It’s hard sometimes to know if our conservation efforts are really paying off. Does it really matter if I recycle? I shut the water off when I brush my teeth, but where’s the reward for that? California leads the United States when it comes to state-wide conservation efforts, and it seems that those efforts are generating results that can be seen. Although, in this case, the results actually lie in what can’t be seen. Recent studies have shown that California’s conservation efforts are resulting in less fog throughout the Central Valley.
The Central Valley region of the state has long been known for producing thick fog, known as “Tule Fog” for several months throughout the year. It’s not hard to conjure up an image of San Francisco’s Golden Gate Bridge blanketed in fog. This particular type of fog doesn’t float upward like other types. It tends to hang out at ground level, and the results are actually pretty frustrating. The ground fog causes traffic accidents and, at times, it’s been so bad that authorities have even canceled school on some days.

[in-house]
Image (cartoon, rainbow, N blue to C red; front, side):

Over the last couple of decades, though, the fog has been showing up much less frequently, and many believe it’s due to plummeting air pollution levels. A study conducted by researchers at Berkeley proved that theory to be correct.
While the fog frequency fluctuates in a direct correlation with weather patterns, it also seems to coincide with levels of air pollution. The less pollution, the less we see the fog.
The study looked at data going back to 1930, and the state’s history seems to support the results. While California was being heavily farmed and developed from 1930 to 1970, fog levels skyrocketed. Since 1980, though, the frequency of fog dropped by more than 75%.
The southern part of the state tends to have the highest pollution levels, and in turn, it also has the highest levels of fog. But the warmer temperatures in this region of the state should make it the least likely area for fog.
While we’ve still got a long way to go, it’s nice to see some solid evidence supporting the idea that thinking green really does result in positive climate change.